Tim O’Brien grew up in a family that appreciated music.
“My parents sang in church, but my sister and I were the only ones in the family who were musical. We were the two youngest, and we were red-headed and left-handed. She played the piano, and about the same time, I started playing guitar. While our parents didn’t play musical instruments, they always encouraged us.”
Tim grew up in Wheeling, West Virginia. “I played guitar all through high school. I guess I was mostly into folk music, like the Peter, Paul, and Mary sphere, but I also got caught up in the British invasion and all things Beatles.” He left home at age 18 to go to college, but after a year, Tim left to play music. “I ended up in Colorado, which became my base of operation.”
Around that time, Tim discovered bluegrass. National Public Radio was a new thing, and bluegrass festivals were springing up across the country. “I heard Doc Watson playing on television and liked what I heard.” That led him to become a lifelong devotee of old-time and bluegrass music.
Tim started a bluegrass band called Hot Rize with banjo player Pete Wernick in 1978. The Hot Rize website quotes Tim as saying, “I got a call in the fall of 1977. It was Pete on the line, and he had a proposal. Since we each had solo recordings coming out the following year, and since we'd helped each other record them, he thought we should join forces and form a bluegrass band to play our music to folks. He even had a name for the band – Hot Rize.” The name was a way to connect them to the bluegrass community since Flatt and Scruggs sang on radio and television about Martha White Self-Rising flour with its special leavening ingredient, “Hot Rize.” The band began booking gigs in 1978. “We had a pretty good production run for about a dozen years.”
Hot Rize indeed had a “pretty good production run.” They were presented with the International Bluegrass Music Association's first-ever Entertainers of the Year award. They were nominated for a Grammy, had a four-star review in Rolling Stone, and toured the world, playing on four continents. “It was like being in school,” he says. “We learned how to make music, how to record, and about the music business in general.”
Kathy Mattea recorded a couple of songs Tim wrote for Hot Rize. “Walk the Way the Wind Blows” and “Untold Stories,” both of which were Top Ten hits. He left the band in 1990 and had a record contract, continuing with his music on his own. He pursued songwriting more, and little by little, he carved out a career for himself. Songs he wrote for his solo projects have been covered by artists including Nickel Creek, Garth Brooks, and The Dixie Chicks. He has also collaborated with his sister, Mollie O'Brien, songwriter Darrell Scott, old-time musician Dirk Powell, Mark Knopfler, Steve Earl, Sturgill Simpson, and Dan Auerbach of The Black Keys.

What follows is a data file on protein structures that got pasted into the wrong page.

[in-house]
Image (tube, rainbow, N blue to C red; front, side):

“I moved to Nashville in 1996 to plug into the system here,” he says. Tim enjoys the process of writing songs. “To me, writing songs is like a little puzzle. You have to find a way to arrange the words to put them in a frame. It’s kind of subjective, just like any other work of art. But it’s exciting when it works out.”
Songwriting has become the most important part of what Tim does today. “I studied up on how to play various instruments and other aspects of music. When you are writing a song, however, that is unique to you.”
Tim still has a busy schedule performing and playing music. He performs with his wife, Jan Fabricius, who plays mandolin, sings, and collaborates with him on songwriting. The couple has been performing together nationally and internationally as a duo or as part of the Tim O’Brien Band. A new album, Cup of Sugar, was released last June and features original songs co-written by Tim and Jan.
Awarded Grammys in the Folk and Bluegrass categories, Tim was inducted into the West Virginia and the Colorado Music Halls of Fame.
Tim says he’s slowing down a bit as he looks at 70. “Keeping busy helps me stay healthy.” He and Jan enjoy traveling, and it's easy to hop in the car and go as a duo. ”We have made traveling one of our hobbies. I read up on the places where we are going to play. I like history, and I like to read. I also enjoy cooking, and I like to get out and walk. It seems that most of my leisure activities are somehow tied into my life in music.”